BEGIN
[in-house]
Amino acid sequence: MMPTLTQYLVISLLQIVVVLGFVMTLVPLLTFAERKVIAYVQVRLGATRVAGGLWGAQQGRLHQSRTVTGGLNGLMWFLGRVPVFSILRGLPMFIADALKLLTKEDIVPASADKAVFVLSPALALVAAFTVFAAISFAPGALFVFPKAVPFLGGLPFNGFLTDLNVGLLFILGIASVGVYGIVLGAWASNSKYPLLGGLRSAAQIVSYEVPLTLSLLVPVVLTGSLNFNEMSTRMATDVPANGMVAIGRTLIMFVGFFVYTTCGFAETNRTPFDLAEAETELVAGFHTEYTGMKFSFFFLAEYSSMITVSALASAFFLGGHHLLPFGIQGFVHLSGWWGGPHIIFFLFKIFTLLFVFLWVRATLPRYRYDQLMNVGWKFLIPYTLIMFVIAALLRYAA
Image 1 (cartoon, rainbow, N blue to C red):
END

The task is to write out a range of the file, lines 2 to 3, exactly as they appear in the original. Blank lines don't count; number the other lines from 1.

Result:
Amino acid sequence: MMPTLTQYLVISLLQIVVVLGFVMTLVPLLTFAERKVIAYVQVRLGATRVAGGLWGAQQGRLHQSRTVTGGLNGLMWFLGRVPVFSILRGLPMFIADALKLLTKEDIVPASADKAVFVLSPALALVAAFTVFAAISFAPGALFVFPKAVPFLGGLPFNGFLTDLNVGLLFILGIASVGVYGIVLGAWASNSKYPLLGGLRSAAQIVSYEVPLTLSLLVPVVLTGSLNFNEMSTRMATDVPANGMVAIGRTLIMFVGFFVYTTCGFAETNRTPFDLAEAETELVAGFHTEYTGMKFSFFFLAEYSSMITVSALASAFFLGGHHLLPFGIQGFVHLSGWWGGPHIIFFLFKIFTLLFVFLWVRATLPRYRYDQLMNVGWKFLIPYTLIMFVIAALLRYAA
Image 1 (cartoon, rainbow, N blue to C red):